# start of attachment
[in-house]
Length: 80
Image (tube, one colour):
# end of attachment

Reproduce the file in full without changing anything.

[in-house]
Length: 80
Image (tube, one colour):